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Dangers of mandating medical loss ratios – Pacific Research Institute

Dangers of mandating medical loss ratios

John R. Graham of the Pacific Research Institute discusses the harms of the medical loss ratios mandated in ObamaCare (HR 3590):

One of the ways in which ObamaCare will reduce individuals’ and businesses’ choices of health insurance is through regulating the Medical Loss Ratio (MLR), a relatively simple concept: Take the amount of dollars an insurer spends on medical care and divide it by the total premiums. For example, if an insurer earns $10 million in premiums and spends $8.5 million on medical claims, its MLR would be 85 percent. Under ObamaCare, policies that cover large businesses will have to achieve an MLR of 85 percent, while those for small businesses and individuals will have to achieve an MLR of 80 percent. That shouldn’t be too hard, should it? …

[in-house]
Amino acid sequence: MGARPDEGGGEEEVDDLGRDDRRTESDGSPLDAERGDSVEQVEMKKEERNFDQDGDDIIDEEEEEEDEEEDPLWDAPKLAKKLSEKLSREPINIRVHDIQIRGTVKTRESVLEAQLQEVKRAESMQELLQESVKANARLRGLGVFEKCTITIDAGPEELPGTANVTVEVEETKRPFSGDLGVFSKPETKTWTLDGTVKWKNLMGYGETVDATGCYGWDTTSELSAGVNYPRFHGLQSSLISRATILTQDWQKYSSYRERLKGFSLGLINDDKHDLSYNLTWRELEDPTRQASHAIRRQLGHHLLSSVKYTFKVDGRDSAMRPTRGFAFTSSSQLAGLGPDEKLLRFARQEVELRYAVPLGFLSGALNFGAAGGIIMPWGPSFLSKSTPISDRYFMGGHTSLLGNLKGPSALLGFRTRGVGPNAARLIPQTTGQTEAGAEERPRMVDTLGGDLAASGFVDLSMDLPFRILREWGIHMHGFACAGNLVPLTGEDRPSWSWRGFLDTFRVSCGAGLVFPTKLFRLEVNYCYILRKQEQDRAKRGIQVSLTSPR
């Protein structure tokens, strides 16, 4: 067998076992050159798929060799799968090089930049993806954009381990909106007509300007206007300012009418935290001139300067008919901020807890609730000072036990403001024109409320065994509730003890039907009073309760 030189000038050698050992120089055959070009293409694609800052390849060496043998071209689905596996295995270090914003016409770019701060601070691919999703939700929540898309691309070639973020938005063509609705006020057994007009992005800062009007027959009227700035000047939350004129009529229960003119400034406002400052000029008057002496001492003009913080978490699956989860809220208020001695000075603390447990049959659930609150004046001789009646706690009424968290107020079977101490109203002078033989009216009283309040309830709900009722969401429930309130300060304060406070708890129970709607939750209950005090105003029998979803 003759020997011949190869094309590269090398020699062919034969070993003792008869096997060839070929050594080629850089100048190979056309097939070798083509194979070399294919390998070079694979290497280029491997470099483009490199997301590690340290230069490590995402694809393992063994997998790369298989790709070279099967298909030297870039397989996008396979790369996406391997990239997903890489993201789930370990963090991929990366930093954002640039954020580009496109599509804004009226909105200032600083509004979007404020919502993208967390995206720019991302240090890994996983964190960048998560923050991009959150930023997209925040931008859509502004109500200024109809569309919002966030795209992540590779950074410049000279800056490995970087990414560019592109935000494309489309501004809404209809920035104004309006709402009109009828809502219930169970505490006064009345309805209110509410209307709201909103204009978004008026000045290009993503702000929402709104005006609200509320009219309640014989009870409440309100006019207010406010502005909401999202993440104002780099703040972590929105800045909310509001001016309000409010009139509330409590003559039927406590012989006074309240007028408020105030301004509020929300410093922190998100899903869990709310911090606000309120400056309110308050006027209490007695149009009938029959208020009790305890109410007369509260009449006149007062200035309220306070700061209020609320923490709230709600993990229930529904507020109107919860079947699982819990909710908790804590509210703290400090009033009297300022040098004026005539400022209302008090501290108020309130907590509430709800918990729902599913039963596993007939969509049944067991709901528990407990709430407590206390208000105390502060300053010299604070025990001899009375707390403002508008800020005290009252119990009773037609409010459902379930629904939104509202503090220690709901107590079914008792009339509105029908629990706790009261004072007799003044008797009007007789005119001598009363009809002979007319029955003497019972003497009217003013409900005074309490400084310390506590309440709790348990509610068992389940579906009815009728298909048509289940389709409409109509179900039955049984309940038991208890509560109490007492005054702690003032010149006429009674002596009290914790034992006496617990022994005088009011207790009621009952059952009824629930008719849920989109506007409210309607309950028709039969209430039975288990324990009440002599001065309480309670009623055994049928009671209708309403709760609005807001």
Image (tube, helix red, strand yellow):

“The Medical Loss Ratio is an accounting monstrosity that enthralls the unsophisticated observer and distorts the health policy discourse,”2 explains professor James C. Robinson of the University of California, Berkeley. This “monstrosity” emerges for a number of reasons, according to the professor. …

Narrow networks obviously have fewer administrative costs than broader networks, but patients appear to value broader networks nevertheless. …

Nothing contained in this blog is to be construed as necessarily reflecting the views of the Pacific Research Institute or as an attempt to thwart or aid the passage of any legislation.

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